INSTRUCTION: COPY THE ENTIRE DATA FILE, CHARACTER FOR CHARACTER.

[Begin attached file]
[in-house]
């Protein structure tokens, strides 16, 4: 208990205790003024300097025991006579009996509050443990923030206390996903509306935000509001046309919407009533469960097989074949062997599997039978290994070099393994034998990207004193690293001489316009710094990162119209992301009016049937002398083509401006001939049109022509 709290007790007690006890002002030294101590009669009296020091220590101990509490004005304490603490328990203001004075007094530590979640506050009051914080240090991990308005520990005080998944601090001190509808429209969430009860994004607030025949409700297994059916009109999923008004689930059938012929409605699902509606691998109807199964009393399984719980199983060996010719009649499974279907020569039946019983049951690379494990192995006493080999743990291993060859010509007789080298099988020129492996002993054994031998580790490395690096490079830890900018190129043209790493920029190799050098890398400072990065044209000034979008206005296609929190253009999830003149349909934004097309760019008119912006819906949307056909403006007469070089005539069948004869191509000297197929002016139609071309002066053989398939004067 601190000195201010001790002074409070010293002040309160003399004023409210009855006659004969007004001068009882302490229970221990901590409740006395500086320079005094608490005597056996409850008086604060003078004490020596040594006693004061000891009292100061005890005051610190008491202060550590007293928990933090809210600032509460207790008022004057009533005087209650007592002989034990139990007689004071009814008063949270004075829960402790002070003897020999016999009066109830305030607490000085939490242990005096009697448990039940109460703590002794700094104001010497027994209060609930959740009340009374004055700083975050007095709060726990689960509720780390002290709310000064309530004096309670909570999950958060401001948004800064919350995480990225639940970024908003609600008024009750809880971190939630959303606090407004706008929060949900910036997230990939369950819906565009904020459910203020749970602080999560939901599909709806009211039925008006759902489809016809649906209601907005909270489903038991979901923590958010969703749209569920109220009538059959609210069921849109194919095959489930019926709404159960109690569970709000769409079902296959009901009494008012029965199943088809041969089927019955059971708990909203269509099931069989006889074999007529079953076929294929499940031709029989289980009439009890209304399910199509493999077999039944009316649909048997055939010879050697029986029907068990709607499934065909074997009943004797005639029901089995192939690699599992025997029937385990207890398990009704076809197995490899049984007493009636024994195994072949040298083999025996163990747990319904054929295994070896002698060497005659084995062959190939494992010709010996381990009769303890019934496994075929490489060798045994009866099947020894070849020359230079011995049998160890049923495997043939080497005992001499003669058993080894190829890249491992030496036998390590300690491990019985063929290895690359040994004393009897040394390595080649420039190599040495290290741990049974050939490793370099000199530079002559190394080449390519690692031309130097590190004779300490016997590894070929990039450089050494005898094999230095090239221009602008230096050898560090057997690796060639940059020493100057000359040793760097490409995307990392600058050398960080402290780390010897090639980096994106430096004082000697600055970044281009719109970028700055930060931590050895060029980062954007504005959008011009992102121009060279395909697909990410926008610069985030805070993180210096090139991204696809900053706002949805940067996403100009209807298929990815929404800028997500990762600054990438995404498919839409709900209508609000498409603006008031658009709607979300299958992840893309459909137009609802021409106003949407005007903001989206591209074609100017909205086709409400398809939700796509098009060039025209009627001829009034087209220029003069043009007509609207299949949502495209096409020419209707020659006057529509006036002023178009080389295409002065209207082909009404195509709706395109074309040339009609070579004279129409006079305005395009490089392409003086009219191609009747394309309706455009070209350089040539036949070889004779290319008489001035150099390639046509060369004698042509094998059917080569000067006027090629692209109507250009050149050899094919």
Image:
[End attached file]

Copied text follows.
[in-house]
């Protein structure tokens, strides 16, 4: 208990205790003024300097025991006579009996509050443990923030206390996903509306935000509001046309919407009533469960097989074949062997599997039978290994070099393994034998990207004193690293001489316009710094990162119209992301009016049937002398083509401006001939049109022509 709290007790007690006890002002030294101590009669009296020091220590101990509490004005304490603490328990203001004075007094530590979640506050009051914080240090991990308005520990005080998944601090001190509808429209969430009860994004607030025949409700297994059916009109999923008004689930059938012929409605699902509606691998109807199964009393399984719980199983060996010719009649499974279907020569039946019983049951690379494990192995006493080999743990291993060859010509007789080298099988020129492996002993054994031998580790490395690096490079830890900018190129043209790493920029190799050098890398400072990065044209000034979008206005296609929190253009999830003149349909934004097309760019008119912006819906949307056909403006007469070089005539069948004869191509000297197929002016139609071309002066053989398939004067 601190000195201010001790002074409070010293002040309160003399004023409210009855006659004969007004001068009882302490229970221990901590409740006395500086320079005094608490005597056996409850008086604060003078004490020596040594006693004061000891009292100061005890005051610190008491202060550590007293928990933090809210600032509460207790008022004057009533005087209650007592002989034990139990007689004071009814008063949270004075829960402790002070003897020999016999009066109830305030607490000085939490242990005096009697448990039940109460703590002794700094104001010497027994209060609930959740009340009374004055700083975050007095709060726990689960509720780390002290709310000064309530004096309670909570999950958060401001948004800064919350995480990225639940970024908003609600008024009750809880971190939630959303606090407004706008929060949900910036997230990939369950819906565009904020459910203020749970602080999560939901599909709806009211039925008006759902489809016809649906209601907005909270489903038991979901923590958010969703749209569920109220009538059959609210069921849109194919095959489930019926709404159960109690569970709000769409079902296959009901009494008012029965199943088809041969089927019955059971708990909203269509099931069989006889074999007529079953076929294929499940031709029989289980009439009890209304399910199509493999077999039944009316649909048997055939010879050697029986029907068990709607499934065909074997009943004797005639029901089995192939690699599992025997029937385990207890398990009704076809197995490899049984007493009636024994195994072949040298083999025996163990747990319904054929295994070896002698060497005659084995062959190939494992010709010996381990009769303890019934496994075929490489060798045994009866099947020894070849020359230079011995049998160890049923495997043939080497005992001499003669058993080894190829890249491992030496036998390590300690491990019985063929290895690359040994004393009897040394390595080649420039190599040495290290741990049974050939490793370099000199530079002559190394080449390519690692031309130097590190004779300490016997590894070929990039450089050494005898094999230095090239221009602008230096050898560090057997690796060639940059020493100057000359040793760097490409995307990392600058050398960080402290780390010897090639980096994106430096004082000697600055970044281009719109970028700055930060931590050895060029980062954007504005959008011009992102121009060279395909697909990410926008610069985030805070993180210096090139991204696809900053706002949805940067996403100009209807298929990815929404800028997500990762600054990438995404498919839409709900209508609000498409603006008031658009709607979300299958992840893309459909137009609802021409106003949407005007903001989206591209074609100017909205086709409400398809939700796509098009060039025209009627001829009034087209220029003069043009007509609207299949949502495209096409020419209707020659006057529509006036002023178009080389295409002065209207082909009404195509709706395109074309040339009609070579004279129409006079305005395009490089392409003086009219191609009747394309309706455009070209350089040539036949070889004779290319008489001035150099390639046509060369004698042509094998059917080569000067006027090629692209109507250009050149050899094919």
Image: